Turkey turns to cycling to solve a public health crisis
Accounting for approximately 3.2 million deaths each year, physical inactivity is now the fourth leading cause of mortality in the world according the World Health Organization (WHO).
Turkey is no exception to the trend. Studies show that one out of every four people in Turkey suffers from cardiovascular diseases and obesity attributed to physical inactivity. In addition to significantly reducing quality of life, these diseases are also putting major financial strains on the country’s healthcare systems. In response to this alarming trend, Turkey's leaders are planning a series of new initiatives focused on public health. At the national level, the Ministry of Health launched the Healthy Nutrition and Active Living Program, which promotes cycling as a mode of active transport and a means to better health outcomes. In February 2015, Minister of Health Mehmet Müezzinoğlu gave a televised interview in which he clearly explained how the program incentivizes local governments to adopt and implement measures to support urban cycling. Müezzinoğlu even pledged one bike for every city that builds one kilometer of bike lanes.
EMBARQ Turkey has supported this initiative by organizing workshops to improve bike infrastructure in Antalya, Eskişehir, Konya, and Sakarya; conducting road safety audits in cities like Istanbul, İzmir, Konya, and Kayseri; and organizing a cycling masterclass in Copenhagen for representatives of local administrations.
Istanbul has been among the leading Turkish cities in leveraging urban cycling to improve public health. Mayor Kadir Topbaş has set a target to build over 1,000 kilometers of bike lanes in Istanbul by 2023. Istanbul already has 83.3 kilometers of bike lanes and recently announced a new route of 6.5 kilometers in the Sarıyer district.
To further these efforts, EMBARQ Turkey is releasing the Safe Cycling Design Manual for Istanbul. The manual approaches cycling by examining three main topics: (1) economic, social; and environmental benefits of cycling; (2) the governance of cycling infrastructure and user preferences in Istanbul; and (3) solutions for implementation in Istanbul.
The current state of cycling in Istanbul
In preparing the manual, EMBARQ Turkey conducted interviews with representatives from local and national governments and cycling NGOs and surveyed over 3,000 people to determine the particular opportunities and challenges for cycling in Istanbul. This outreach found that responses converged on three major issues:
- The potential role of public service announcements in popularizing cycling and promoting its benefits for health and the environment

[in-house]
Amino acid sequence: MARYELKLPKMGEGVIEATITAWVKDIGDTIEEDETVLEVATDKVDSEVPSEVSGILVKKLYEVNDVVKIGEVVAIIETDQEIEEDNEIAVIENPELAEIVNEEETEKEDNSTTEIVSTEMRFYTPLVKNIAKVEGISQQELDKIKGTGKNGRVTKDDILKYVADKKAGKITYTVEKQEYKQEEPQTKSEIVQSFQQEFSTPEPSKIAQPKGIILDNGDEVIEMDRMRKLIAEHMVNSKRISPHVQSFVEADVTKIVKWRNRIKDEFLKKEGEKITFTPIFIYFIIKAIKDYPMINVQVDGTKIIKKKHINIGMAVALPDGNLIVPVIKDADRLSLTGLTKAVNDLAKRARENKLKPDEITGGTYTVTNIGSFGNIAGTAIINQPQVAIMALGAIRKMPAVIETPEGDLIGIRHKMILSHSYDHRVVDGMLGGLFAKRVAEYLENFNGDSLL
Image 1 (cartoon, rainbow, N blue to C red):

- The need for car drivers to obey traffic rules and respect cyclists
- The need for effective, organized public relations campaigns about cycling
Another significant finding from the survey concerned policymakers themselves. 64 percent of respondents believed that cycling would become more common if policymakers publicly rode bikes in their cities.
Furthermore, the survey found that road safety ranks as the biggest problem for cyclists in Istanbul. Many believe that cycling in the city is not safe and that the existing bike lanes lack connectivity throughout the city. This has led to widespread conflicts with motorists over road space. 15 percent of respondents stated that they had experienced a traffic collision while cycling in the last year.
Istanbul’s most popular bike lane is located in the Kadıköy district. The survey indicates that cycling is also common within the Sarıyer, Beşiktaş, Fatih, and Bakırköy districts. Taking into consideration transport preferences and the extent of multi-modal integration in various areas, EMBARQ Turkey has suggested three new bike lanes for Istanbul. Due to the Istanbul’s topography, short and integrated bike lanes are more beneficial to riders than long, isolated lanes that lack integration.
Setting the groundwork for nationwide change
In November 2014, the Ministry of Energy and Natural Resources introduced the Action Plan for Energy Efficiency. The plan involves six steps to reducing Turkey’s energy use, which is already above the average of OECD and EU-27 countries. One step relates to energy consumption in the transport sector. The action plan highlights the role of cycling infrastructure and smart bike sharing systems to reduce emissions and make the country’s transport network more sustainable.
Building on the Safe Cycling Design Manual for Istanbul, EMBARQ Turkey is now working on a national framework. This publication will provide Turkish cities with practical solutions to creating complete streets while also taking into account the unique features of Turkish cities. In the long-term, the safe cycling design manual will help combat the country’s dependency on motorized transport to bring about more connected, sustainable cities.